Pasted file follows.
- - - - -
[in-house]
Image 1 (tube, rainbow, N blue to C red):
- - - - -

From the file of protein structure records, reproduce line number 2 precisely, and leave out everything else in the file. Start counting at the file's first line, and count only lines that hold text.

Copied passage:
Image 1 (tube, rainbow, N blue to C red):